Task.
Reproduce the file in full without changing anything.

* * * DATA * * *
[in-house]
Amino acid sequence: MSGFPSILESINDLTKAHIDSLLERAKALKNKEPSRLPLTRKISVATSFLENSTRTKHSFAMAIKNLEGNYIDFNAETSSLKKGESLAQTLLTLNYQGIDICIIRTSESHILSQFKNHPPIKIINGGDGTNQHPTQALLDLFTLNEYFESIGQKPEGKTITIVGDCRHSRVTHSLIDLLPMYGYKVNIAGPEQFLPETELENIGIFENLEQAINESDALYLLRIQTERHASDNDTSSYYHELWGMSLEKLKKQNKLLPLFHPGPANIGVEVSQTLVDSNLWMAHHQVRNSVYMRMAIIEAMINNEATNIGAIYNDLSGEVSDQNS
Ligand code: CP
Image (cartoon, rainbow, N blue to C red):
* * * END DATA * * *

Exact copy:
[in-house]
Amino acid sequence: MSGFPSILESINDLTKAHIDSLLERAKALKNKEPSRLPLTRKISVATSFLENSTRTKHSFAMAIKNLEGNYIDFNAETSSLKKGESLAQTLLTLNYQGIDICIIRTSESHILSQFKNHPPIKIINGGDGTNQHPTQALLDLFTLNEYFESIGQKPEGKTITIVGDCRHSRVTHSLIDLLPMYGYKVNIAGPEQFLPETELENIGIFENLEQAINESDALYLLRIQTERHASDNDTSSYYHELWGMSLEKLKKQNKLLPLFHPGPANIGVEVSQTLVDSNLWMAHHQVRNSVYMRMAIIEAMINNEATNIGAIYNDLSGEVSDQNS
Ligand code: CP
Image (cartoon, rainbow, N blue to C red):